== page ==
South Sudanese in Marial Ajith community in northwestern South Sudan, an area very fertile and has plenty of rivers and basins are starting to farm again after years of war that destroyed their farms.
According to United Nation’s organization, FAO agricultural production used to be high and vegetables were exported from the region to the rest of South Sudan. Years of conflict, however, made this area a dangerous place to harvest the land; many people left their homes and lost their livelihoods. Insecurity and violence had turned this place into a deeply food insecure area, reliant on humanitarian aid.
Adut Akuei like many others has returned to the area have been fighting malnutrition, especially among the children. In late 2018, FAO, with funding of the Governments of the Netherlands and Norway, started helping mothers enhance and diversify the diets of their children to fight malnutrition. They provided the community with vegetable seeds, agricultural tools (like treadle pumps for irrigation), information and training to grow different types of vegetables and crops for their consumption.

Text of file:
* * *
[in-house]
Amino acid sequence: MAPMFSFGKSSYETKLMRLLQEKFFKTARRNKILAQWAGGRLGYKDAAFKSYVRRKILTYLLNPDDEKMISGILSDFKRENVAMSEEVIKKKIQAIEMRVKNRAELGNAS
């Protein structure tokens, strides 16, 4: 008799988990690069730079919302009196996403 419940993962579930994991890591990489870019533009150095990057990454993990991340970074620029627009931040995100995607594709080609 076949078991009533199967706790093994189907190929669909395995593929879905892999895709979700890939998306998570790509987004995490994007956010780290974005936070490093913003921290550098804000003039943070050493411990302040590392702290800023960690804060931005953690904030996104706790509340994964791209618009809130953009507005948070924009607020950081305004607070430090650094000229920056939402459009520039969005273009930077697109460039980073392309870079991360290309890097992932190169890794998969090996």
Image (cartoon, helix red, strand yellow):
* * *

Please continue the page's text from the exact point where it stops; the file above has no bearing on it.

Now we grow all what we need and don’t need to walk for one hour to the market anymore.
“Before I learnt how to farm, I used to cut grass and fetch firewood, transporting it to the market to sell,” said Adut Akuei, adding “Now we grow all what we need and don’t need to walk for one hour to the market anymore.”
Women’s skills in farming as a business have improved, and so has their income, filling the current local production gap and demand for vegetables, which were mainly imported from neighbouring countries before.The communities are hopeful that the signed peace agreement will finally bring tangible peace to the nation. This will allow the progress made to continue and open the doors to upscaling the project to other locations in need.